Experts from the Center for Tobacco Studies, based at Rutgers University, are available to discuss the F.D.A.’s plan to reduce nicotine in cigarettes to help prevent addiction. Since their time, however, is limited here are quotes for pick-up from Andrea…
A new study led by researchers at the American Cancer Society shows perceptions of electronic or e-cigarettes as being “more harmful” than cigarettes by adults in the United States more than doubled between 2019-2020 and perceptions of e-cigarettes as “less harmful” declined between 2018-2020.
Menthol cigarettes increase youth smoking and nicotine addiction report researchers at the Herbert Wertheim School of Public Health and Human Longevity Science at University of California San Diego.
Graphic warning labels led smokers to hide their packs but not change other smoking behaviors according to report by University of California San Diego Herbert Wertheim School of Public Health and Human Longevity Science researchers.
On World No Tobacco Day, May 31, the Forum of International Respiratory Societies (FIRS), of which the American Thoracic Society is a member, is voicing concerns over the tobacco industry’s impact on environmental health and ultimately lung health.
More than 1 million United States youth became new daily tobacco users within two years, most were vaping e-cigarettes daily, report UC San Diego Herbert Wertheim School of Public Health and Human Longevity Science researchers.
Today, the FDA announced its decision to “prohibit menthol as a characterizing flavor in cigarettes and all characterizing flavors in cigars.”
Many physicians incorrectly believe all tobacco products are equally harmful and thus are less likely to recommend e-cigarettes for people seeking to quit smoking or those being treated for a tobacco-caused disease, according to a Rutgers study.
New study results show compliance with smoke- and tobacco-free policies on college campuses could be more effective with the rollout of a Tobacco Tracker that can also influence behavior and attitudes.
Today, on World Lung Day (WLD), members of the Forum of International Respiratory Societies (FIRS) and WLD partner organizations, such as the American Thoracic Society, are calling for respiratory health to be a top priority in global decision-making beyond the COVID-19 pandemic.
Today, the Food and Drug Administration issued decisions on new tobacco product applications, addressing the over 6 million unique products and flavor variations submitted for agency review. Missing from the FDA’s announcement was a decision on a company that has the largest e-cigarette market share – Juul.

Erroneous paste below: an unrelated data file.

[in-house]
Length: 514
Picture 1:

The global COVID-19 pandemic has forced many people to live in relative isolation for more than a year. As adolescents return to school, public health experts caution parents to pay close attention to signs of tobacco use among teens. While there has been a decline in smoking traditional cigarettes among youth as well as adults, e-cigarette use continues to increase.
Experts express concern about rising rates of dual- and poly-tobacco product use, particularly among adolescents and young adults. A new evidence-based research centerThe evidence-based tobacco research program is conducting collaborative research aimed at increasing scientific knowledge to help regulate tobacco products effectively in a way that best serves individual and public health interests.
A Herbert Wertheim School of Public Health and Human Longevity Science at University of California San Diego clinical trial showed that graphic warning labels on cigarette packaging changes perceptions of smokers to recognize the negative consequences of tobacco and consider quitting.
Dr. Louella Amos is a pediatric pulmonologist at Children’s Wisconsin in Milwaukee, Wisconsin and Associate Professor of Pediatrics at the Medical College of Wisconsin. She has been faculty at Children’s Wisconsin for 10 years and was one of the group…
In response to an announcement from Philip Morris International that the company has agreed to acquire Vectura, a British inhaled medicine company, American Lung Association President and CEO Harold Wimmer and American Thoracic Society President Lynn Schnapp MD, ATSF shared the following statement: